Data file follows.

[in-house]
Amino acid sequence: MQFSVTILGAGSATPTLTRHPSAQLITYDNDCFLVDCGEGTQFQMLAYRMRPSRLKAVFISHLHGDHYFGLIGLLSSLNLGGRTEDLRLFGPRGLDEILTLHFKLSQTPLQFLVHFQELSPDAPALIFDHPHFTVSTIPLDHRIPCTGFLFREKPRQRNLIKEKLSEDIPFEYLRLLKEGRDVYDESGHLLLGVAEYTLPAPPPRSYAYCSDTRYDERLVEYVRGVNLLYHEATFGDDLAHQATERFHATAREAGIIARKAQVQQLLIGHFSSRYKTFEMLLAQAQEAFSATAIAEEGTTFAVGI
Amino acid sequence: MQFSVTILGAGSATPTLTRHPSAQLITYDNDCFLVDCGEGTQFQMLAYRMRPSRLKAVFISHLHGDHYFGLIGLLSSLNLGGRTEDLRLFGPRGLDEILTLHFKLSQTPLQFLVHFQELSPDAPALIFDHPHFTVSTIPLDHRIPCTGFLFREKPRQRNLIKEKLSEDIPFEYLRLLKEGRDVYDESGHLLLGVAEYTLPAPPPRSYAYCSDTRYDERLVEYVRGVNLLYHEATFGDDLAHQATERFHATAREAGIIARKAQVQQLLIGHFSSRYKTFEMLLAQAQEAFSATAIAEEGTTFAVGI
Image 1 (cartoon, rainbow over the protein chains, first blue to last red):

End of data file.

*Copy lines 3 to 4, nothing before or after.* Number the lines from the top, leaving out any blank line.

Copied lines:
Amino acid sequence: MQFSVTILGAGSATPTLTRHPSAQLITYDNDCFLVDCGEGTQFQMLAYRMRPSRLKAVFISHLHGDHYFGLIGLLSSLNLGGRTEDLRLFGPRGLDEILTLHFKLSQTPLQFLVHFQELSPDAPALIFDHPHFTVSTIPLDHRIPCTGFLFREKPRQRNLIKEKLSEDIPFEYLRLLKEGRDVYDESGHLLLGVAEYTLPAPPPRSYAYCSDTRYDERLVEYVRGVNLLYHEATFGDDLAHQATERFHATAREAGIIARKAQVQQLLIGHFSSRYKTFEMLLAQAQEAFSATAIAEEGTTFAVGI
Image 1 (cartoon, rainbow over the protein chains, first blue to last red):